Today is Leibniz's 372nd birthday

He's not really 372, he's dead. But I guess we ought to take a moment today to celebrate the guy. For those who don't know, Leibniz was a Christian polymath. He was a mathematician, physicist, philosopher, theologian, historian, political scientist, lawyer, ethicist, and more.

Leibniz gave us the first mechanical calculator, a wheel that he invented in 1673, which we used for 300 years, until the invention of the electronic calculator in the mid-1970s. He made contributions to the fields of  probability theory, biology, medicine, geology, psychology, linguistics, and computer science too.

So, needless to say, he was a smart guy.

Philosophically speaking, Leibniz was an optimist. Not merely a "glass half full" sort of optimist or happy-go-lucky person, no, his was a well-formed and well-reasoned optimism grounded in his faith in God and supported by logical syllogisms of his own formation.

Leibniz gave to philosophy the idea of possible world theory, closely related to science's multiple universe hypothesis. Possible world theory is a conceptual tool used by philosophers to solve logical problems.

If you've ever seen the film Interstellar, or watched the TV show Rick and Morty, or read Marvel comics, then you know all about possible world theory and the idea of the multiverse.

In Rick and Morty, there are many dimensions, each existing concurrently. And Rick and Morty theorizes that the dimensions are collinear as well—intersecting with one another at what we might call key plot points.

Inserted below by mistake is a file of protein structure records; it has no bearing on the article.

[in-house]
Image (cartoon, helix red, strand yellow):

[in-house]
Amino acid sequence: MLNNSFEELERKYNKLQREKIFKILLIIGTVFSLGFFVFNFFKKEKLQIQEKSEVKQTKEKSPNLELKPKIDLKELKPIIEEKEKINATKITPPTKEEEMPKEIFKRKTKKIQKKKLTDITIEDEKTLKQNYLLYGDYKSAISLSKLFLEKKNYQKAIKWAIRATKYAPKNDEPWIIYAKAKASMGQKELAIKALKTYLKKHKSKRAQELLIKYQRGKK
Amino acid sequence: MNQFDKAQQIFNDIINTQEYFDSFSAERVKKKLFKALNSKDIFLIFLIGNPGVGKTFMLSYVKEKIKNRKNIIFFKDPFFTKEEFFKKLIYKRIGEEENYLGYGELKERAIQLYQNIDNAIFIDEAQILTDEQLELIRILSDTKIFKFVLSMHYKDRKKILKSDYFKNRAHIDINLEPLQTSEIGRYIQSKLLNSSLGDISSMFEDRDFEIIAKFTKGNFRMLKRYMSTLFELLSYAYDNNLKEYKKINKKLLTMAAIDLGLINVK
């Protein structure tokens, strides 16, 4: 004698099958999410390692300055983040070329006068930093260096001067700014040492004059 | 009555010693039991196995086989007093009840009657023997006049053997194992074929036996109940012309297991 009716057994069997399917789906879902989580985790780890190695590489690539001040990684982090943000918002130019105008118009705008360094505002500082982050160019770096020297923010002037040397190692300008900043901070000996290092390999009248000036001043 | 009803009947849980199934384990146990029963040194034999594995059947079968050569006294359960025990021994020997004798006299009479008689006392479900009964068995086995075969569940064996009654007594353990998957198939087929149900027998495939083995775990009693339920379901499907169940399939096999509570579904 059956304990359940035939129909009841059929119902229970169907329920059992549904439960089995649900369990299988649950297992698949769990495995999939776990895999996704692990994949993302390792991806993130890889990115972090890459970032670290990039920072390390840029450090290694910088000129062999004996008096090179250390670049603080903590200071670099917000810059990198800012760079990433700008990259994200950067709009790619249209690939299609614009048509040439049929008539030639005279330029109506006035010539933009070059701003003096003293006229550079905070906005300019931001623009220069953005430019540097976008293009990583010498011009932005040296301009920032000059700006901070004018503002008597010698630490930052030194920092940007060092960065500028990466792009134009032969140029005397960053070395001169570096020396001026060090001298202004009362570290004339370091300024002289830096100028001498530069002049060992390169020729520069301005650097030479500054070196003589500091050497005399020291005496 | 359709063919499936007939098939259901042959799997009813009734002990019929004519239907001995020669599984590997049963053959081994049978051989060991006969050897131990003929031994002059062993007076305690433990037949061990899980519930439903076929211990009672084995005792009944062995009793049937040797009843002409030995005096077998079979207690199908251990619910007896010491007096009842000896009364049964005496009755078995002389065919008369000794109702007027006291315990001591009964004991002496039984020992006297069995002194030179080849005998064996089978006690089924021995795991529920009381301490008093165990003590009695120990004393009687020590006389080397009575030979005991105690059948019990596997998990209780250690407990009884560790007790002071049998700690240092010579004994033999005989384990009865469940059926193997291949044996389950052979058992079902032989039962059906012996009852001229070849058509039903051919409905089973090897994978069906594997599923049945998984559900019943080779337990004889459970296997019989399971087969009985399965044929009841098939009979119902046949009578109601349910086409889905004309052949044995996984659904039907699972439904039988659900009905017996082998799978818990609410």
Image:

In the show, there is a different Rick and a different Morty for each dimension. One dimension might have a short Rick and short Morty, another might have a cowboy Rick and cowboy Morty, another might have an evil Rick and Morty.

And then the dimensions are scrambled, and several Ricks and Mortys must join forces with or battle against other Ricks and other Mortys. Such silly proposals wouldn't be possible without good ol' Gottfried Wilhelm Leibniz.

Here's where Leibniz's possible world theory is so cool to me, though. In his Discourse on Metaphysics, which I got to read in sophomore Philosophy, Leibniz surmises that:

  1. God thinks of infinitely many universes. In other words, God knows all of the possibilities stemming from every choice he or anyone else could ever make
  2. Only one of these universes can actually exist
  3. God can choose one thing or another
  4. God is good
  5. Therefore, the universe that God chose or manifested to exist is the best of all possible universes

This is something I wholeheartedly believe, and I think it has powerful implications. Let me rephrase the argument, how I might repeat it in conversation.

I'd say, God knows everything about the future—all that is possible, all that is actual, and all that needs to happen. In other words, he knows what could happen (all that is possible), what would happen (given adherence to a set of logical laws), and what should happen (in order to bring about his big purpose). Could, would, should.

God has a master plan for the universe, all that simply must come to pass, and we don't know everything about that plan. We know that Jesus had to die and be raised again, that much is for sure—there was no other way to save mankind.

But outside of the things he wills to happen according to his plan, God knows variables and possibilities and the consequences of our endless amount of free choices, and so God divinely "sets the table" for events in the universe to transpire.

In that sense, that we're living his plan and living within his omniscient all-knowingness, and because he's a good good Father, we can trust that we're living in the reality he wanted to manifest. The best of all possible worlds.

Why does this matter? 

Well, it means that we have nothing to fear, nothing to worry about, and no need to get anxious. God is in control.